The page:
Dragging Religion into Christmas

Dragging Religion into Christmas December 21, 2022

C. S. Lewis believed that we actually have two holidays:  a secular “Xmas” based on excess and commercialism, and the religious “Christmas” based on the birth of Christ.  The two have nothing to do with each other but just happen to be celebrated on the same day.

This is somewhat parallel to his belief that Christian marriage and secular marriage should be thought of as two separate institutions, as we blogged about last week.  His friend J. R. R. Tolkien rejected that view of marriage, and I reject that view of Christmas.  The task for Christians is to show how the gift-giving part has its basis in the gift of Christ.  This will entail re-focusing the giving and receiving of presents away from just being commercial transactions, towards being occasions for generosity and gratitude.  I think that’s how many gift-givers and gift-receivers do think of them.

We then need to think of them and encourage others to think of them in terms of grace and faith:  namely, reception of the gift of Jesus.  The happiness that comes from getting a wonderful gift from someone who loves us, as in unwrapping a present under a Christmas tree, can help us glimpse the joy that comes from faith in Christ.

Not completely abandoning the “commercial” side of Christmas is important for its spiritual meaning.  It isn’t just that Christmas is about the incarnation of God as a human child.  It’s about this incarnation of God as a human child being a gift to us and for us, which is accompanied by the free, undeserved gift of salvation and a joyous everlasting life.  Talk about gift-giving in excess!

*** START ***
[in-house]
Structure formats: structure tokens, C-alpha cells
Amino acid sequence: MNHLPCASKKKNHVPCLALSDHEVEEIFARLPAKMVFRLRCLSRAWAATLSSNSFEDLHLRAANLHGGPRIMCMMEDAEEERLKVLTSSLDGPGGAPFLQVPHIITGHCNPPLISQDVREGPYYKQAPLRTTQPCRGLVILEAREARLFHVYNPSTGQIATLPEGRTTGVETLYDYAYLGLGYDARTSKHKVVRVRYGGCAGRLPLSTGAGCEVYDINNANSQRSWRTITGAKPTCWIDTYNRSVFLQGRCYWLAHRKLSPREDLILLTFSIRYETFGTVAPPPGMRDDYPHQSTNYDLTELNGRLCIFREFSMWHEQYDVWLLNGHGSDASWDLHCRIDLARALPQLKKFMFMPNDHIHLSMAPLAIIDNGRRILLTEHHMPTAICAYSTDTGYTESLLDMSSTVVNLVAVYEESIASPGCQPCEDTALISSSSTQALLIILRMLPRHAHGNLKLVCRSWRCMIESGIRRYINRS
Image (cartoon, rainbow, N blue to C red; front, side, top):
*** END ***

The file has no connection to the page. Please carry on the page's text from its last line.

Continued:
The gift side of “Xmas” (the X referring to Chi, the Greek initial for “Christ,” and representing in Christian iconography the Cross) is thus, properly, emblematic of the Gospel.

Having said this, I recognize the problem, and it is getting worse.  Listening to various radio stations playing Christmas music, I could hardly find any Christmas carols about Jesus.  Used to, there were some.  This year there, at least on the stations I was listening to, all I was getting was “Santa, Baby” and “All I Want for Christmas Is You.”

And since Christmas this year falls on a Sunday, some churches are cancelling their Sunday service!  We should go to church on Christmas no matter what day it falls on, but for a church to cancel the service it usually has because of Christmas is especially perverse.  I can understand non-believers taking Christ out of Christmas, but why would churches–in the name of “letting members spend the holiday with their families” or “giving the church staff the holiday off”–take Christ out of Christmas?  (For  rationalizations, read this.)

All of this is buildup to an anecdote from Lewis, which proves that something can be hilarious and tragic at the very same time.  As quoted by Jennifer Graham and Lois M. Collins in C.S. Lewis has a different take on Christmas. Here’s what he had to say:

Just a hurried line … to tell a story which puts the contrast between our Feast of the Nativity and all this ghastly ‘Xmas’ racket at its lowest. My brother heard a woman on a bus say, as the bus passed a church with a crib outside it … ‘They bring religion into everything. Look, they’re dragging it even into Christmas now’.

C. S. Lewis, Personal Correspondence

We need to drag religion into Christmas.  As opposed to dragging religion out of Christmas.


Illustration from Public Domain Vectors, CC0

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